Vapor intrusion is challenging to characterize for a multitude of reasons. For example, many cases involve indoor background sources, preferential subsurface migration pathways, shallow subsurface and indoor concentration dynamics, or limitations associated with manual monitoring. Typically, canisters and passive diffusion samplers are used to measure and monitor potential vapor intrusion exposures. Unfortunately, these types of samplers don’t provide sufficient temporal or spatial resolution in dynamic settings. As a result, this method has a propensity to yield false-negative and false-positive results. In addition, the time required to obtain a result is longer than the acute TCE exposure duration of concern, so these options can result in unhealthy exposures and liabilities.

Thanks to technological advances, continuous monitoring platforms are now being used to characterize and monitor vapor intrusion. These platforms are made of multiplexed lab grade analytical components with quality control features to automatically generate geospatial time stamped renderings and time weighted averages through a cloud-based management platform. Continuous monitoring platforms provide auto alerts and responses within one minute of the threshold exceedance detection. Further, these platforms provide superior temporal and spatial resolution based on high frequency repeat analyses from strategic monitoring locations, resulting in an optimized remediation design and unequivocal mitigation system performance confirmation. Blower and HVAC controls can also be engaged automatically when needed.

Continuous vapor intrusion monitoring
Continuous monitoring platforms provide auto alerts and responses within one minute of a contaminant vapor exceedance detection

Until a few years ago, cost and instrumentation limitations rendered continuous monitoring systems impractical. Automation and multiplexing now make it possible to perform rapid, cost-effective and continuous assessment and response with a single instrument. For example, a cost comparison analysis of a series of common monitoring scenarios showed that continuous monitoring platforms were cost-competitive when 5 or more locations were being monitored (read the full article here). Automated response capabilities also provide for acute TCE risk prevention, which is not possible with any other monitoring method.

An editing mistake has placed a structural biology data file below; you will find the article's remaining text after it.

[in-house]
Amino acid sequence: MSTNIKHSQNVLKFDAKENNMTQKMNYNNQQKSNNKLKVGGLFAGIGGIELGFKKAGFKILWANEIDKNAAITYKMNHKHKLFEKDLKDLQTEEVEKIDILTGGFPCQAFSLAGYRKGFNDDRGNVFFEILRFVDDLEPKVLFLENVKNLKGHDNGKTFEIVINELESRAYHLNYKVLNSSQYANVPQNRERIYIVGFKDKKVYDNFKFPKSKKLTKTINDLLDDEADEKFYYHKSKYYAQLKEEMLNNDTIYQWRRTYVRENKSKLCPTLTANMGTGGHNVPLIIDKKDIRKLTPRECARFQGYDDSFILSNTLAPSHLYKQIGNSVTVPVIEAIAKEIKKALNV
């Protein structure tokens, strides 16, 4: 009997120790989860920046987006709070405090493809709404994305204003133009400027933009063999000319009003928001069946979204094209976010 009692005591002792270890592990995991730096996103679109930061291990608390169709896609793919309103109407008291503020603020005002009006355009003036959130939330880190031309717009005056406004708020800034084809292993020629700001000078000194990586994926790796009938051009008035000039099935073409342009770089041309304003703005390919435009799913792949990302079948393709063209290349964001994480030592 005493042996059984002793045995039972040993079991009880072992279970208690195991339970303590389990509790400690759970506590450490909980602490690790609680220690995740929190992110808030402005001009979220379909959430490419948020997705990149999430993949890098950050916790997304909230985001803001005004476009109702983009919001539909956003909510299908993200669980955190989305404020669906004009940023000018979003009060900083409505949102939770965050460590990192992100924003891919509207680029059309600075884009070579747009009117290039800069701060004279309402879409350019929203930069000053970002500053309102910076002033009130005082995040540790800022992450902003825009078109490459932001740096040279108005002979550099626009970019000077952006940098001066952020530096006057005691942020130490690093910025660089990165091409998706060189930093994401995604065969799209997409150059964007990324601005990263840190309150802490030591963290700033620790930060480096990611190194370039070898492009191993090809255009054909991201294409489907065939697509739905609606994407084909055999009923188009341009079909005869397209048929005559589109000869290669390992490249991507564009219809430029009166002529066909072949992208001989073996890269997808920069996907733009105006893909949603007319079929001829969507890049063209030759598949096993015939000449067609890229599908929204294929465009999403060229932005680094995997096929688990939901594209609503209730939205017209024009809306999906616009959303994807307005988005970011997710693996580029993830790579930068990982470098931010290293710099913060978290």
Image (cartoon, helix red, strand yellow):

Regulatory support for these platforms has enabled property owners and their consultants to more accurately address potential liabilities, reduce unnecessary remediation costs, produce more effective and surgical remediation strategies, and allow practitioners to most effectively evaluate remediation system performance. More specifically, continuous monitoring allows practitioners to quickly (within a day or two) determine whether vapor intrusion is an issue, and if so, to identify the vapor entry location(s). Once mitigation has been engaged, continuous monitoring is used to confirm that risk reduction objectives have been met. When aggressive remedies such as thermal remediation and oxidation are employed, continuous monitoring is used to assure all stakeholders that fugitive emissions are managed appropriately and to inform site managers when system adjustments are required.

vapor intrusion mitigation
Once mitigation has been engaged, continuous monitoring is used to confirm that risk reduction objectives have been met.

Any project manager considering using in-situ thermal heating would be well advised to use continuous real-time monitoring of the rapidly changing emission scenario.  We have been able to anticipate and correct problems before the concentration levels became acute, which has saved time, money and energy.” – EPA Project Manager

It is clear that many of the difficulties associated with characterizing and managing vapor intrusion can be eliminated with continuous monitoring and response.  These systems should therefore be considered by industry practitioners as a cost-effective and viable method for quickly resolving vapor intrusion challenges.

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